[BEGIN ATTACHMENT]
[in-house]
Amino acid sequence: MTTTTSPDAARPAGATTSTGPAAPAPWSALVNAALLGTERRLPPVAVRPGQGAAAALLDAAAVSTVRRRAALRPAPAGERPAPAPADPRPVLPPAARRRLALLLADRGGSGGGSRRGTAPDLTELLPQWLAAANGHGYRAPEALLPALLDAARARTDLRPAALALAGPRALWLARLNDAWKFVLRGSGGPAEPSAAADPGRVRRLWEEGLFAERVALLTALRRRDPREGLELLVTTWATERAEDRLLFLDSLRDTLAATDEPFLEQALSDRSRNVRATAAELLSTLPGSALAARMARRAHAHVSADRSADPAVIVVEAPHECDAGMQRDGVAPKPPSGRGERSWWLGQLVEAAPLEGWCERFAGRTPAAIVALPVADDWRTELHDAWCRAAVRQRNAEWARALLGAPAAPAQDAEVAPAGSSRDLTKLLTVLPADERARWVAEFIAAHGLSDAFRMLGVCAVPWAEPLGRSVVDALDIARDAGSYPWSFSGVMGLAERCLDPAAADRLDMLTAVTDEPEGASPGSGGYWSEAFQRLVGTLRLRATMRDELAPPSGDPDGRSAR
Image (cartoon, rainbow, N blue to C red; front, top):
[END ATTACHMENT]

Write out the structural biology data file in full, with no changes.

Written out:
[in-house]
Amino acid sequence: MTTTTSPDAARPAGATTSTGPAAPAPWSALVNAALLGTERRLPPVAVRPGQGAAAALLDAAAVSTVRRRAALRPAPAGERPAPAPADPRPVLPPAARRRLALLLADRGGSGGGSRRGTAPDLTELLPQWLAAANGHGYRAPEALLPALLDAARARTDLRPAALALAGPRALWLARLNDAWKFVLRGSGGPAEPSAAADPGRVRRLWEEGLFAERVALLTALRRRDPREGLELLVTTWATERAEDRLLFLDSLRDTLAATDEPFLEQALSDRSRNVRATAAELLSTLPGSALAARMARRAHAHVSADRSADPAVIVVEAPHECDAGMQRDGVAPKPPSGRGERSWWLGQLVEAAPLEGWCERFAGRTPAAIVALPVADDWRTELHDAWCRAAVRQRNAEWARALLGAPAAPAQDAEVAPAGSSRDLTKLLTVLPADERARWVAEFIAAHGLSDAFRMLGVCAVPWAEPLGRSVVDALDIARDAGSYPWSFSGVMGLAERCLDPAAADRLDMLTAVTDEPEGASPGSGGYWSEAFQRLVGTLRLRATMRDELAPPSGDPDGRSAR
Image (cartoon, rainbow, N blue to C red; front, top):